Starting or growing your small business can often feel like a competitive sport. No matter what industry you occupy, your small business will face tough competition from well-seeded, big-box businesses with deep benches to back them up. With more resources and a national footprint, these competitors fill the marketplace with their primetime ads and universal name recognition. It’s madness — but before you count yourself out of the big dance, consider adding a new tactic to your small business game plan.
Build an All-Star Team
There’s still no “I” in team, so don’t take on the big-box madness alone. Small businesses can work together to overcome the challenges presented by their big-box competition. Main Street groups, downtown improvement associations and Local First programs bring small businesses together to pool their resources, ideas and networks to reach greater success. They also create a unified brand that members can leverage to increase their name recognition. By working together, these groups transform small business marketing from 12 business owners talking about 12 businesses to 12 business owners talking about one brand. That way, customers can quickly identify independently and locally owned businesses in their community, even if they’ve never heard of a particular store or business.
Listen to the Fans
When you do promote your business individually, make sure you know what to promote. Big-box businesses often rely on their low prices or convenient locations, but small businesses have much more to be proud of, including their historical connection to the community, their local involvement and their expert staff. Ask your current customers what they enjoy most about your business by striking up an in-store conversation, sending out an online survey via email or posting a question on social media. Then, tailor your messages to reflect what fans love about your business.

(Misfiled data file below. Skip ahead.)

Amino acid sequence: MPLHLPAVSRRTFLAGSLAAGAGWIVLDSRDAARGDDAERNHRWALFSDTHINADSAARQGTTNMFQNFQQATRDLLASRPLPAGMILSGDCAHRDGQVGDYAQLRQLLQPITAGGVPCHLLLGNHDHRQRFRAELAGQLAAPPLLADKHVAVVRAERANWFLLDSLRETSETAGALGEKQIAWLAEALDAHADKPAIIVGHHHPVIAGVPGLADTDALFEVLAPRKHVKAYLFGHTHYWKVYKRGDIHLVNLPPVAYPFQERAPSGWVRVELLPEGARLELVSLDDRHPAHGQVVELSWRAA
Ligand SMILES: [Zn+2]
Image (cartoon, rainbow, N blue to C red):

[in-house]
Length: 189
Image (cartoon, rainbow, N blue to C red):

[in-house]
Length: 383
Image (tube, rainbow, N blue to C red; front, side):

Use a Full-Court Press
Don’t limit yourself to the backcourt. Expand your reach with an omni-channel marketing strategy that spans multiple platforms and engages multiple audiences. For many small businesses, this means adding digital marketing to a traditional baseline. In addition to radio, television, print and direct-mail advertising, your business can make use of more modern, cost-effective options like app-based social media platforms and web-based blog content. Experiment with live-streaming through Facebook live or event-centered promotions through Snapchat filters. Reach out to bloggers in your community to collaborate on digital content. An omni-channel approach gives your small business a full-court press.
Small businesses play the game differently than big-box stores and national chains. Rather than trying to compete head on, locals and independents can leverage the support of Main Street organizations, loyal fans and new marketing platforms to tell their own story and showcase what sets them apart.